24]. We obtained patient-level data from the FREE-2 trial and recalculated patient utility values by applying the US-specific preference weights from Fryback et al. to the patient-level EQ-5D domain scores (Supplemental Content Table
25]. EQ-5D data were not collected at 18 months in the FREE-2 study, so the utility weight for each treatment at this time point was estimated by interpolation between the utilities at 12 and 24 months. Because the FREE-2 study did not include a VP treatment arm, utility weights for VP patients were assumed to be identical to those observed for BKP.
Beyond 24 months, utility in the CMM group was based on the 24-month utility calculated for CMM patients at the 24-month visit of the FREE-2 trial. For the BKP and VP groups, patients’ utility between 24 months and 36 months was assumed to decrease linearly from the value at the 24-month visit to equal the 36-month value in the CMM group (0.668). Beyond 36 months, utility for VP and BKP patients was set equal to CMM patients. If a patient suffered a subsequent fracture, utility values were re-set. This assumption of no additional utility benefit by the end of 3 years is consistent with the assumptions made by Svedbom et al. [
17], namely that any effects of treatment on QoL would be confounded at time points further from the intervention, at which point the older age of the patient cohort plays a more central role in utility.
The Medicare-aged population used for the base case of this model (mean 79–82 years) was older than patients in the FREE-2 trial (mean 72–74 years). To incorporate the effect of age, all utility weights used in the model were adjusted by multiplying by age-specific general-population utilities from the USA (Supplemental Content Table
S9), as reported in 10-year age bands by Szende et al. [
Data analyses and model validation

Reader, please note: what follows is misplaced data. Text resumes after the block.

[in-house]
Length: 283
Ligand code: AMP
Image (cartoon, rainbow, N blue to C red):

For each treatment comparison, the incremental cost-effectiveness ratio (ICER) was calculated according to the formula:
We then undertook a series of scenario analyses to explore the uncertainty related to specific model inputs. The base-case model assumed that the utility weights for patients undergoing VP were identical to those applied to patients receiving BKP. To test the impact of changing this assumption, we varied the VP utilities within the ranges of their 95% confidence intervals (i.e., setting all utilities to the lower limit and again to the upper limit of each distribution). For completeness, we conducted an equivalent analysis for the BKP treatment comparisons. Furthermore, we used a similar approach to vary the age-specific relative risks of subsequent fracture within their confidence limits, running the model after setting all these parameters to their lower 95% confidence and again using the upper limit of each distribution.
Probabilistic sensitivity analysis (PSA) was performed to explore the impact of the joint uncertainty in all inputs upon the cost-effectiveness results. To obtain meaningful results from a PSA, appropriate distributions were selected to represent the uncertainty in each input parameter. To reflect the skew often found in cost data and to avoid sampling negative cost values, Gamma distributions were applied to all cost parameters using the mean and standard deviation of each cost input from the Medicare analysis. Variability in utility parameters was represented via beta distributions, again using the mean and standard deviation reported for each utility, to ensure sampled values bounded by 0 and 1. Beta distributions were also used for proportions such as those for gender, patients receiving each type of post-acute care, and the baseline fracture probabilities. Uncertainty in relative risks and hazard ratios was represented using lognormal distributions, and the mean age of patients in the model was sampled from a normal distribution. For some inputs, no information was reported in the literature regarding the level of uncertainty (e.g., a confidence interval or standard deviation). For such parameters, distributions were approximated by assuming the 95% confidence interval around the mean was represented by values 20% either side of the mean.